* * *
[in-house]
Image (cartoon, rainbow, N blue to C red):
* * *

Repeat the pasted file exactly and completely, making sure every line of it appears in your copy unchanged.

[in-house]
Image (cartoon, rainbow, N blue to C red):